I am overwhelmed by the generosity in the borough'
PUBLISHED: 17:29 27 January 2010 | UPDATED: 10:30 12 August 2010
AN AID worker has briefed a secretary of state on how a hospital appeal is helping to save lives in a country torn apart by earthquakes. Reninca Hill, trustee of the Haiti Hospital Appeal project, near Haiti island s Cap-Haitien, met with International D
AN AID worker has briefed a secretary of state on how a hospital appeal is helping to save lives in a country torn apart by earthquakes.
Reninca Hill, trustee of the Haiti Hospital Appeal project, near Haiti island's Cap-Haitien, met with International Development Secretary, Douglas Alexander, on Monday to discuss how aid is being distributed and to secure long-term support.
Mrs Hill, 29, returned from Haiti for two weeks to rally support for the charity based at Coney Baptist Church, West Wickham, where she will host an open event at 10.30am this Sunday.
The former teacher, who now lives in Haiti, was "overwhelmed" by the generosity of people in the borough who have made scores of donations.
Organisations have given the charity beds, de-fibrillators and basic medical supplies, all of which is being sent by container to the stricken island of Haiti next Monday.
After meeting with the Development Secretary, Mrs Hill said: "The purpose was to discuss how to sustain help to victims in the long-term.
"People in Haiti are scared and frightened, which has led to a massive refugee crisis. They are moving north away from Port-au-Prince by any means possible.
"Victims are arriving with nothing, they have had no basic health care."
A team of British doctors and nurses arranged by the charity is due to fly out tomorrow to help thousands of injured refugees and orphans arriving at their hospital which is acting as an overflow for the only government hospital in the region.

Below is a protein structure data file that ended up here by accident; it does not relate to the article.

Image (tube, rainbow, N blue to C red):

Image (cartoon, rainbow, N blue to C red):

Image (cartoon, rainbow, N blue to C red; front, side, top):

The charity has an ambulance making missions into devastated areas to deliver food and medicine, notably villages overlooked by major agencies.
Her husband Carwyn, from Bromley, remains in Haiti working in the hospital and orphanage which was opened ahead of schedule in response to the disaster, as reported in the Times.
Mrs Hill, 26, said: "Last Friday my husband went to an orphanage with 80 children, which was only 10 minutes away from the airport.
"Five had died in the quake and they salvaged what they could.
"They were in a desperate state, so he dropped off sacks of rice, beans, sweets and vital medical supplies.
"When people say that aid is not getting to them, it feels terrible.
"Most of our hospital staff have lost family members, everybody knows someone who has died in the tragedy.
"We were in Port-au-Prince and asked a mother at the roadside for directions. Her husband and children had died. I asked her 'How are you coping?' and she said that life has to go on or she wouldn't eat that night. It's heartbreaking."
Mr Hill gave up his job in 2006 to set up the Haiti Hospital Appeal project after seeing the island's desperate poverty, which is blamed for the deaths of one in five children.
He said that seeing donations pour in from schools, churches and Facebook groups has helped inspire his team to overcome fatigue.
In his blog on Monday he said: "Many doctors I've spoken to have highlighted their fear over the traumatic effect this disaster has had on the population.
"We brought two injured patients from Port-au-Prince to Cap-Haitien last week, and yesterday I heard that since arriving they've refused to sleep inside a house.
"One lady arrived yesterday with terrible injuries to her face and arm. The wound looked as bad as anything I have seen in Haiti, the pain indescribable.
"Yet, our clinic was the first centre she'd reached for care, over a week and a half on from receiving these desperate wounds."
The United Nations expect nearly half a million people to be left physically disabled.
Though a team of US orthopaedic surgeons is arriving at Mr Hill's hospital, ill-equipped doctors elsewhere have had to make unnecessary amputations.
The Red Cross has launched an appeal for people to take stock such as quality clothes, books and unwanted gifts to their local Red Cross Shop. To find your branch call 01883 724 222 or visit www.redcross.org.uk/retail.
Local donations include £250 from Biggin Hill and Westerham Lions Club through The Lions Club International Foundation, which has raised £250,000 in total. To support the vital work being done by the Haiti Hospital Appeal, visit www.haitihospitalappeal.org. Medical volunteers should email email@example.com. firstname.lastname@example.org